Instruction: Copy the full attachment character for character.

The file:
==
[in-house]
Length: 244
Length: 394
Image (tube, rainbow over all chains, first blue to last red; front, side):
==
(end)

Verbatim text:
[in-house]
Length: 244
Length: 394
Image (tube, rainbow over all chains, first blue to last red; front, side):